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Guest Blog: Top 5 Early Phase Clinical Trial Market Trends that will continue to Impact 2014

Author´s Name: Mathini IlancheranMathini Ilancheran

Job Title: Senior Research Analyst

Company: Beroe Inc

Location: India

LinkedIn Profile: http://in.linkedin.com/pub/mathini-ilancheran/44/a28/976

Website: http://www.beroeinc.com/

Procurement quote: Think Continuous Procurement Intelligence, Evaluate Supply Chain Risk, Design Right Operating Model and Drive Savings

Introduction: With a combined background of Lifescience, engineering and management, I am highly passionate in applying my research & analytical skills in understanding the Pharma R&D vertical. As an experienced procurement analyst, I specialize in understanding the market scenario and industry dynamics across the globe in outsourcing arena. My analysis on specific clinical research service segments has enabled large pharma companies in their strategic decisions on service outsourcing contracts. My career involves regular interaction and networking with 100+ suppliers in clinical categories, keeping track of all the innovations in the market related to procurement of R&D services.

 

Top 5 Early Phase Clinical Trial Market Trends that will continue to Impact 2014

  1. Sharp Jump in M&A Deals

Increase in outsourcing of early phase clinical trials stirred suppliers to expand their capabilities through M&A’s which accounted to greater than 60% when compared to 2012. Specialized early phase trials is driving the need for specialist CROs focusing on a particular therapeutic area. This triggered established suppliers in the industry to acquire specialist players for the conduct of trials.

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  1. CRO – Academic Institution Collaboration’s Propels Unit on Demand Model

Collaboration between CRO, Academic universities and Hospitals was seen to drive research and development within clinical research and also increase the access to trial volunteers for various therapeutic areas. By being a part of an academic hospital, CROs have introduced a new model called ‘The Unit on Demand’ wherein Phase I unit is setup within the hospital. This enables tapping into a larger number of early stage patients, thereby increasing recruitment rate and saving time for sponsor.

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  1. Innovative Sourcing Practice: ‘Strategic Insourcing’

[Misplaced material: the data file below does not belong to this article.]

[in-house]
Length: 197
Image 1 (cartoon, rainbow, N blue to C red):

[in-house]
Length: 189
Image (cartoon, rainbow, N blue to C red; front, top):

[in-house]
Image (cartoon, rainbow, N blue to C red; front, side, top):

Big pharma and CROs mainly engage through a project-based contract model, which contributes to an estimated adoption rate of 50%. However, the industry is facing a transformation wherein strategic partnership through insourcing of resources is coming into place between big pharma and CROs, as an initiative to drive flexibility, reduce costs, and extends expertise.

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  1. Adoption of Adaptive Clinical Trials Impact on Specialist CROs

Specialty CROs such as Da Vita Clinical, Profil Institute etc., focusing on a particular therapeutic area for phase I trials saw increased demand from both pharma and global CROs. This trend was driven by the growing demand from big pharma for adaptive clinical trials and increased need for access to specialized patient populations for early phase trial conduct.

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  1. Emerging Market Uncertainties

The regulatory stringency in emerging markets over the conduct of early phase trials have intervened the CROs to shut down units rather than incurring loss in their early development service revenues. A recent event seen was Quintiles shutting down their early phase unit in India.

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References:

http://www.outsourcing-pharma.com/

http://nextbigfuture.com/

https://clinicaltrials.gov/

http://nextbigfuture.com/2007/12/biomarkers-and-adaptive-clinical-trials.html

Glossary:

CRO – Contract Research Organisation

PK/PD – Pharmacokinetics / Pharmacodynamics

M&A – Mergers & Acquisitions

 

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